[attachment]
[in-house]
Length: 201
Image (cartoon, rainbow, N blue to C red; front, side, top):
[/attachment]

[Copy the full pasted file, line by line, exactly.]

[in-house]
Length: 201
Image (cartoon, rainbow, N blue to C red; front, side, top):